When analyzing potential offenses, Hughes’ bill strikes all references to a provision that requires the full portfolio of assets be judged instead of individual investments.
Last session, the Legislature passed a law that prohibits pensions from investing in companies deemed to be “divesting or sanctioning” fossil fuel companies; the first iteration of that list was published last year, causing state investments to be pulled from 10 companies, including BlackRock, the world’s largest asset manager.
This bill is meant as a follow-up to that bill. While it may be the feature, it’s unlikely to be the only one pushed to counter ESG in the financial world. Hughes has filed another bill, SB 1060, that’d prohibit any insurer operating in Texas from implementing a “political shareholder proposal,” defined as any item that restricts business dealings with fossil fuel companies or is otherwise ESG-oriented.
Most of the debate on ESG and investments centers on the term “fiduciary responsibility” — the Hippocratic Oath of the financial world — and the canyon-sized difference of opinion on what that requirement entails.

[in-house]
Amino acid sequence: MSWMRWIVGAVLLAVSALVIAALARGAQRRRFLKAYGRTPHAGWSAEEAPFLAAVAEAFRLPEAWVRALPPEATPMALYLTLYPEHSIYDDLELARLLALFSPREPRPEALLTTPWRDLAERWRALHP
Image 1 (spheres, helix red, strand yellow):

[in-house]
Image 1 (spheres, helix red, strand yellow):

Republicans in the Texas Legislature appear hellbent on enacting a second wave of reforms despite the difficulty of swimming against the current of the global financial world. But with Vanguard’s recent move to withdraw from the Net Zero Asset Managers Initiative, Republicans see ground being gained in the financial trench warfare.
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Brad Johnson is a senior reporter for The Texan and an Ohio native who graduated from the University of Cincinnati in 2017. He is an avid sports fan who most enjoys watching his favorite teams continue their title drought throughout his cognizant lifetime. In his free time, you may find Brad quoting Monty Python productions and trying to calculate the airspeed velocity of an unladen swallow.